Lady Life

A short bit of translation, to celebrate #WhanThatAprilleDay18. At the foot of the page is a much modernized version of an extract from the alliterative poem Death and Liffe, a depiction of the arrival of Lady Life. This poem presents a debate between Lady Life and Dame Death, two figures whom the narrator sees in a dream vision at the heads of two opposing armies. The poem survives in a corrupted late copy, and so the translation below both relies on editorial reconstruction and has a fair bit of freedom in trying to arrive at something readable.

The Hague, KB, 76 E 13, Le séjour de deuil pour la mort de Philippe de Commines (France, 1512)

In this bit of Britain we are hoping, desperately, for some signs of spring after a long cold hard winter, and so there is something irresistible to me right now about the portrait of Lady Life stepping over the countryside and bringing it all back to life. It seemed a more cheerful prospect for translation than the amazingly macabre portrait of Dame Death. I also rather like the image of Life and Death, as personifications embodied as truly powerful woman, marching onto the scene like some allegorical version of Patty Jenkins’s Amazons.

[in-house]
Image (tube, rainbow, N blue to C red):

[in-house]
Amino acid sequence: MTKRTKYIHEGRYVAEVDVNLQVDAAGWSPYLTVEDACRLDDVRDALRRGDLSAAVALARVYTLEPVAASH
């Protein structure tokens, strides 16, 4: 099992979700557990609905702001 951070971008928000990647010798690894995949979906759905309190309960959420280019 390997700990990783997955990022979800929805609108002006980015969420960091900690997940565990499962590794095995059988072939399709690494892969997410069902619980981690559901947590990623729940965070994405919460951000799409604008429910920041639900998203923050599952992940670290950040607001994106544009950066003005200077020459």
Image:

There is, though, much that makes me feel uneasy about the conventions on which this portrait relies. The narrator’s eye eroticizes Lady Life, revelling in the conventional beauty of the stereotypical noble lady. Life is presented as whiteness, nobility, wealth, courtesy, those who consume and enjoy rather than those who produce and labour. This is allegory, but allegory written for and from a particular social perspective. The poet might know in the abstract that life is what unites us all, but the life he registers is a narrow one.